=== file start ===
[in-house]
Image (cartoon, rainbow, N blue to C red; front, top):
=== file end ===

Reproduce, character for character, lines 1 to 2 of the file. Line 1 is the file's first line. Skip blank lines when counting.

[in-house]
Image (cartoon, rainbow, N blue to C red; front, top):